The National Trust has spent the winter transforming Lindisfarne Castle, bringing to life the stories of the people who lived and worked there.
Several new-look rooms and lots of new items are now on display, including copies of Gertrude Jekyll’s original garden plans.
Nick Lewis, house steward at Lindisfarne Castle, said: “We brought in Imogen Cloet, a theatre set designer who has previously done some work for the National Trust at Wallington.
“She was tasked with finding period items for the castle, concentrating on the Edwardian period at the beginning of the 20th century when the building was renovated by Sir Edwin Lutyens and occupied by Edward Hudson, the founder of Country Life magazine.
“At that time it was largely a holiday home and we have tried to reflect that, dressing several rooms to that theme.
“We still have the castle’s own historic collection on display but we hope the work we’ve done over the winter will give it a more lived in feel.”
Many of the rooms have been personalised to a character associated with the castle’s history. For example, the master bedroom is based on Lutyens and two other bedrooms are themed around Victorian writer Lytton Strachey and cellist Madame Suggia who were frequent visitors.
The kitchen, which already had fine china, pots and pans, has had a range of more functional items added to it such as cook books, bread bins, flowers and needlework.
“We hope it will add to the visitor experience,” explained Nick. “We’ve got some new literature to accompany the exhibition which will explain a bit about the characters, including the Lilburn family, one of the oldest island families and first employed by Hudson as caretakers in 1902.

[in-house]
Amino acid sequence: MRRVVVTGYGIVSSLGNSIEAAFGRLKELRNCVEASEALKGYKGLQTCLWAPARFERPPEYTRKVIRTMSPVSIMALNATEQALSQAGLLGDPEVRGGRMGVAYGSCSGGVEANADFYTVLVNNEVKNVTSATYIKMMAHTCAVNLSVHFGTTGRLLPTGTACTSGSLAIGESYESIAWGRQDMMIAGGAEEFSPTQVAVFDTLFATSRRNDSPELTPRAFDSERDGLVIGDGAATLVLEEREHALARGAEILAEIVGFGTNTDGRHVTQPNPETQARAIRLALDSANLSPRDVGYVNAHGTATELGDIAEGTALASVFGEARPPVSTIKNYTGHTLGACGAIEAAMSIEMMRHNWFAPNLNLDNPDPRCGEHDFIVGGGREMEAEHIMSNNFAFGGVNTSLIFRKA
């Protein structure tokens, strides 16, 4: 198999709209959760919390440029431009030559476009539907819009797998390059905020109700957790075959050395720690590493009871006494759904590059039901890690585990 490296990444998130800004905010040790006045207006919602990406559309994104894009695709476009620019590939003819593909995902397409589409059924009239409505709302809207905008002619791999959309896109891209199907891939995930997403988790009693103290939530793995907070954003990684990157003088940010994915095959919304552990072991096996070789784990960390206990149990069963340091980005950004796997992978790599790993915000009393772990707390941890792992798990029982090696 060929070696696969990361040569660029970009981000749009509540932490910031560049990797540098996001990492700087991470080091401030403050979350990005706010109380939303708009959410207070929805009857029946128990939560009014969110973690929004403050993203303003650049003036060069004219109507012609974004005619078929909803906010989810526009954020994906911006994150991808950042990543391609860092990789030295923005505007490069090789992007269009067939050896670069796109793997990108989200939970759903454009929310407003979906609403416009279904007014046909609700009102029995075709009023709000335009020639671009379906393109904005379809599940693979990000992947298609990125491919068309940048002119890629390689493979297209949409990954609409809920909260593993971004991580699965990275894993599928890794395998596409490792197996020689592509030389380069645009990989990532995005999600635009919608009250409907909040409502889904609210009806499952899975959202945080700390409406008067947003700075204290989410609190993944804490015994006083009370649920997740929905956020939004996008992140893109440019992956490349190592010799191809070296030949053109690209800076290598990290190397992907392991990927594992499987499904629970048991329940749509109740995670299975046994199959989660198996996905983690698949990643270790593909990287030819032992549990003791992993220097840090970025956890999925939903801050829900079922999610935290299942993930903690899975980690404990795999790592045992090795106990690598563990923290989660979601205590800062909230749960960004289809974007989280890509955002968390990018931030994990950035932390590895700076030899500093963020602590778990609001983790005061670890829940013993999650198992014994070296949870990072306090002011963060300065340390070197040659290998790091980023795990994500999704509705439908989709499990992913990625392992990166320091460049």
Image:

“We’ll be adding to the exhibition over the coming months and changing things around from time to time which we hope will also encourage people to make return visits.”
The castle, along with nearby National Trust properties at Cragside and Wallington, opened for the new season on March 1. The Farne Islands will open on April 1.
Joanna Royle, head of marketing and supporter development, said: “2014 is an exciting year for the National Trust. We have more new things to see and do at our places than ever before, not just in spring but throughout the whole year.
“The experience you get at Trust houses and castles has evolved and we’re improving our outdoors offer with more sporting events and nature activities on offer across the north east.”
At Wallington, spend Tuesdays ‘At Home with the Trevelyans’. Discover previously closed rooms, explore hidden cellars and attics and meet the experts.
The barriers have been removed in the Owl Suite at Cragside so you can now see the fantastic views the royal visitors would have had down to the iron bridge. Colourful and original 19th century Japanese prints, gifted to Lord Armstrong, have also been rehung so you can get a better view.
Get fit in stunning surroundings with new weekly 5k park runs around Gibside every Saturday.
Souter Lighthouse has a new talking telescope in the garden. For just 20p you can learn more about the wildlife along The Leas or the lost village of Marsden.
Joanna continued: “At the Trust we’re passionate about great days out and we’re keen for people to come and see the changes we’ve made this year. The places the Trust looks after are for everyone to enjoy so we hope you like what you see.”